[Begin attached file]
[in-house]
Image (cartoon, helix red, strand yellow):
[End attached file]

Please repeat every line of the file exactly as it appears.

[in-house]
Image (cartoon, helix red, strand yellow):